The largest banks are larger than they were when Obama took office and are nearing the level of profits they were making before the depths of the financial crisis in 2008, according to government data. Wall Street firms — independent companies and the securities-trading arms of banks — are doing even better. They earned more in the first 2 1 / 2 years of the Obama administration than they did during the eight years of the George W.
I recognize it is in the interests of mass media to pump up economic news with doom and gloom scenarios in order to sell their wares. But at what point do we start worrying that the news being reported is really, really, really that bad? Reuters: The Swiss National Bank shocked markets on Tuesday by setting an exchange rate cap on the soaring franc to stave off a recession, discouraging investors anxious about flagging global growth from using the currency as a safe haven.
Article Tools Facebook Twitter Google+ E-mail Share Print Capital is the body fat of banking: too much is debilitating, too little is fatal. During the financial crisis, as large banks burned through their capital reserves, governments were forced to add padding at public expense.
As over-leveraged investment houses began to fail in September 2008, the leaders of the Republican and Democratic parties, of major corporations, and opinion leaders stretching from the National Review magazine (and the Wall Street Journal ) on the right to the Nation magazine on the left, agreed that spending some $700 billion to buy the investors’ “toxic assets” was the only alternative to the U.S. economy’s “systemic collapse.” In this, President George W. Bush and his would-be Republican successor John McCain agreed with the Democratic candidate, Barack Obama.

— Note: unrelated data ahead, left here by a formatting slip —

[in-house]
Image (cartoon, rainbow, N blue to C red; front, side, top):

Warning signs are everywhere -- most of them carefully phrased and nuanced, but warnings, nevertheless.
If you think our economy is in bad shape now, just wait. To be sure, economic prospects for jobs and growth already are bleak, and the Obama administration has increased the national debt in less than two years from over $10.632 trillion in January 2009 to $13.561 trillion in September 2010, resulting in a record 30% increase in public debt.
The challenges for banks in the 16-nation euro zone include exposure to a weakening commercial real estate market, hundreds of billions of euros in bad debts, economic problems in East European countries, and a potential collision between the banks’ own substantial refinancing needs and government demand for additional loans, the central bank said. In its twice-yearly review of risks facing the nations that use currency, the central bank expressed particular concern about banks’ need to refinance long-term debt of an estimated 800 billion euros, or $984 billion, by the end of 2012.
Changes in the unemployment rate are driven by interaction of job destruction, which consists of job losses through voluntary and involuntary job termination and job creation resulting in the hiring of employees.
America's public debt recently exceeded 13 trillion. This is more than 90 percent of the country's GDP.